Being the adventurous type that I am, I wanted to stray away from the rest of the photographers and try to get off the beaten path. The excellent platform where visitors can watch safely from an elevated distance left me feeling a bit like a trapped sardine. I figured it was time to try something different. Earlier in the day, I had seen several fly fishermen in the area wading through the water in search of the best fishing holes, and I figured that if I could get down to their level, I would have the best chance at getting some amazing photographs. I went to the lodge asking around in search of waders, an essential piece of gear for anyone looking to go chest deep in the fast flowing water. When I finally got my hands on a pair of river-waders, I packed my camera bag and walked out to the water’s edge. There were already a couple of bears scattered around the river within sight, and I have to admit… it was a bit of a gut wrenching feeling knowing I was about to walk out where these massive creatures were gorging themselves on salmon, in hopes that they wouldn’t take too much notice in me.
I took a deep breath, and stepped in the water. It was cold… and having worn a lot of wet suits while scuba diving, it was a strange feeling that the water didn’t actually penetrate the waders. The river was more powerful than I expected, giving me a new found respect for the bears that effortlessly walk up and down stream in the fast flowing currents. I figured that if I kept myself near the middle of the river, the chances a bear would surprise me on the bank were minimized so I did my best to avoid the tall grass at the river’s edge where a bear could be lurking at any moment. I spent the entire day out in the river, and had an absolute blast watching the bears, from eye level, as they scoured the river for salmon. It reminded me a bit like being in Southern Africa… no longer was I on top of the food chain, and I had an immense respect for these massive animals that could have easily charged me and taken me out. I figured that as long as I kept a mindful distance, and didn’t surprise or antagonize any of the bears, they wouldn’t mind sharing their space with me, and luckily I was right. At one point, as I was sitting on a small rock protruding from the middle of the river, I saw two big bears running full speed towards me from the bank of the river about a hundred yards up. I immediately shot up from my seat, and the first thought that came to mind was ‘uh oh… this might be it! I’ve had a good run’ followed by ‘they never tought me how to fist fight the bear in bear school!’ A split second later, it hit me (kind of like a freight train) why they were frantically running my direction… there was an absolutely MASSIVE male chasing these two younger boys from his fishing spot, and everybody was moving in my direction. Now, I’ll tell you what… if this doesn’t get your blood pumping, I don’t know what would. I’ve been charged by rhino, elephants, and lions before, but being in the middle of a river, surrounded by spawning salmon, with three massive brown bears charging my direction, was a heck of a freight. I sluggishly tried to move to the edge of the river as fast as I could through the fast flowing water, and at that moment the two bears being chased took notice of me and instantly had a look of shock on their face. Seeing a human was probably the last thing they expected, and it almost looked like they jumped back in a moment of recognition and amazement. They quickly deviated course, and thankfully started running towards the opposite river bank. The big male continued to chase them, and off they ran into the woods just 50 feet in front of me. I stood there for a second to digest what had just happened… and of course to thank my lucky stars the bears had seen me and ran in the other direction. That was also about the time when I thought to myself ‘hmmm… I guess this is why I don’t see any other photographers out here in waders!’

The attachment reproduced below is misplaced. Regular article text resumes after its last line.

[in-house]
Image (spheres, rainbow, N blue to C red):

But these are the experiences that keep me going. These are the moments I live for, and being out in the river with those bears, rather than crammed on a small wooden balcony with 40 other photographers, was exactly what separates me from the majority of those around me. Yes, some people probably call me crazy, but I try to think of it as getting in touch with nature, and living a more pure and wild lifestyle in touch with the natural world around me. If my time comes, then my time comes, But at least I wasn’t crammed on that viewing balcony with a herd of other people when it does!